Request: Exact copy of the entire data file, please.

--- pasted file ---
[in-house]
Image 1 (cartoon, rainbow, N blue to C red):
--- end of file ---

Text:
[in-house]
Image 1 (cartoon, rainbow, N blue to C red):